NOTE: GrowthBeat is less than 2 weeks out! VentureBeat is gathering the best and brightest in modern digital marketing to help declutter the landscape, simplify the functions, clarify the goals, and point the way to success. Get the full scoop here, and buy your tickets while they last.
Even though he was brought on-stage to talk about trends in online advertising, Sean Finnegan said ads actually aren’t the main priority at Starcom MediaVest, the global agency where he’s chief digital officer.
Specifically, he said that when MediaVest works with its clients, it looks at a wide range of ways to promote brands and products.
“‘Your Ad Here’ is the last thing that we talk about in our campaigns,” said Finnegan, who was interviewed on-stage today at DEMO Fall 2010, the conference co-produced by VentureBeat.
His description of how MediaVest handles Facebook advertising campaigns seemed like a good illustration of this idea. The agency begins its efforts by building a Facebook Page for the client. It also incorporates “listening” technology to help companies track what consumers are saying about them on social networks. Then it draws attention to those efforts by buying banner advertising space on Facebook.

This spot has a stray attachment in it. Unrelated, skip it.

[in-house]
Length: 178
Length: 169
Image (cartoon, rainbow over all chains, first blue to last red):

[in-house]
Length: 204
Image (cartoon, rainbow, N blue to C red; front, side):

“It’s a gigantic growth engine, it’s a reach provider, it’s somewhere that we have to be, somewhere that we want to be,” he said.
Finnegan added that he’s hoping for more collaboration between Silicon Valley and the advertising industry on Madison Avenue. Many of MediaVest’s clients are becoming more interested in the startup world, he said: “They want to know what’s next and what some of the tools are and ways they can better reach their consumers.”
VentureBeat executive editor Owen Thomas, who was interviewing Finnegan, noted that some startups feel that Madison Avenue is too slow and traditional. That’s beginning to change, Finnegan responded, and if startups do their homework, then they might get a more positive response from big advertisers. In some cases, however, startups just aren’t reaching a large enough audience yet to attract Madison Avenue’s interest.